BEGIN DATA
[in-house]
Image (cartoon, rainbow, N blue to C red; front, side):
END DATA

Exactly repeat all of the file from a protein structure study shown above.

[in-house]
Image (cartoon, rainbow, N blue to C red; front, side):